In addition, we compared the RNA-Seq data obtained in the present study with the published In addition, we compared the RNA-Seq data obtained in the present study with the published HepG2 transcriptomes obtained using RNA expression microarrays. A search of the GEO database yielded four studies (GSE5230, GSE6878, GSE6907, GSE9166 – using Affymetrix Human Genome U133 Plus 2.0 Array, Affymetrix Human Genome U133 Plus 2.0 Array, Affymetrix Human HG-Focus Target Array and Affymetrix Human Genome U133A Array, accordingly) containing the microarray gene expression profiles for 14 control HepG2 samples. The correlation of these profiles with the RNA-Seq HepG2 data obtained herein was modest, but it was higher than the correlation with the liver data (0.76 ± 0.04 vs. 0.58 ± 0.03; Additional file 6: Table S6 and Additional file 7: Figure S1). The transcriptomes obtained using method M were slightly more similar to the microarrays than the data obtained using method C (0.77 ± 0.04 vs. 0.73 ± 0.04).
Hepatocarcinomic signature of HepG2 gene expression profile
Differential gene expression analysis was performed between the liver tissue and HepG2 transcriptomes. The liver group included L1 and L2, while HepG2 was represented by two samples from two laboratories treated as biological replicates: HR_m originated from the RIPCM laboratory, and HI1 - HI3 originated from the IBMC laboratory. The availability of more than one biological replicate of HepG2 in one of the groups allowed the application of the statistical model from the edgeR package. We performed a genewise exact test for differences in the means (with prior.df parameter set to 50) to identify the most significant variations. Before the analysis, all respective technical replicates were pooled. Only 15,139 genes covered by >100 reads in at least one sample were considered. With an FDR-adjusted p-value threshold of 0.1, 658 genes were identified as differentially expressed (notably, none of the 18 previously described housekeeping genes were included).
Fifty of these genes were up-regulated in HepG2 cells (Additional file 8: Table S7a). The enrichment analysis of the GO terms using WebGestalt (Additional file 9: Table S8a) yielded 40 significantly enriched biological processes (adjP < 0.05). The enriched terms included genes involved in the cell cycle (GO:0007049, adjP = 4.10E-07) and cell division (GO:0051301, adjP = 1.29E-08). On a more detailed level, the processes related to mitotic cell division were predominant (GO:0000087, adjP = 1.91E-11). Particularly, the genes responsible for chromosome condensation, organelle fission and microtubule cytoskeleton organization were overexpressed. The observed phenomena were obviously associated with the active division of HepG2 cells.
From a different angle, the WebGestalt analysis of the associations between the 50 up-regulated genes and diseases showed Aneuploidy among the 10 most enriched disease terms (each of which had adjP ≤ 0.005, Additional file 9: Table S8b) (6 genes), Adenoma (6), Chromosome Aberrations (6), Liver Neoplasms (4) and Hepatocellular Carcinoma (4), suggesting an association of these genes with the oncological status of HepG2 cells. To confirm this finding, we characterized the potential associations between the up-regulated genes in HepG2 cells and hepatoma using the liver cancer-related gene signature database, Liverome . For 28 of the 50 genes, increased expression is observed in liver cancer compared with healthy controls, and this increase is associated with the aggressiveness of the tumor and a worse prognosis (this evidence was supported by an average of 4 studies per gene among the 143 publications present in Liverome). These associations from the existing studies also reflected the fact that HepG2 cells are derived from a hepatocarcinoma.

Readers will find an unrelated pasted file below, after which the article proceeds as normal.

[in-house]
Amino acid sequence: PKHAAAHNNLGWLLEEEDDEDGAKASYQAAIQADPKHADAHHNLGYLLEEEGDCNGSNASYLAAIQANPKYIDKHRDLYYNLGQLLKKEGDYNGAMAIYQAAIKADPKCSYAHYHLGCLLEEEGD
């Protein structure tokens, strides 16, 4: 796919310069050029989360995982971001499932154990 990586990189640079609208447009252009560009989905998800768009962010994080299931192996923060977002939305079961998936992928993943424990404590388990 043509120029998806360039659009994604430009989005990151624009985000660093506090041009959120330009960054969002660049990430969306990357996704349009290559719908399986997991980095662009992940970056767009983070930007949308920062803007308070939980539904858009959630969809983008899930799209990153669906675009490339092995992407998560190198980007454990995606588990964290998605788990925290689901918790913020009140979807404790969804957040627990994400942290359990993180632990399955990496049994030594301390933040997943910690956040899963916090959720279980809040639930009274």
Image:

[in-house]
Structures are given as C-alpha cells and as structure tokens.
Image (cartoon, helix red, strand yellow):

Response to stimulus is reflected by the gene expression in the liver
The analysis of the 608 genes up-regulated in the liver compared with the HepG2 cell line (Additional file 8: Table S7b) identified 40 enriched GO biological processes (adjP < 0.05, Additional file 9: Table S8c). The highest number of the genes (337/608, 55.3%) belonged to the term “response to stimulus” (GO:0050896, adjP = 4.16E-21). On a lower level, 192 of these genes were associated with “response to chemical stimulus” (GO:0042221, adjP = 4.64E-22), particularly, the 39 genes for “xenobiotic metabolic process” (GO:0009410, adjP = 3.19E-21). The activation of the defense response genes was also observed (99 genes are in GO:0006952, adjP = 9.13E-17).
Another large enriched term was “small molecule metabolic process” (168 genes in GO:0044281, adjP = 5.20E-17), including the 81 genes involved in carboxylic acid metabolism (GO:0019752, adjP = 5.55E-15), particularly monocarboxylic acid metabolism (55 genes, GO:0032787, adjP = 3.98E-16). Carboxylic acid metabolism is activated in response to the need to provide energy for the detoxification processes and secretory activities of the liver (synthesis and secretion of biologically active substances and blood plasma components), and the cell “boosts” its metabolism to synthesize ATP at an increasing rate. Moreover, carboxylic acids are involved in the biosynthesis of cholesterol, 10% of which is produced in the liver as a precursor for the synthesis of bile acids and steroid hormones.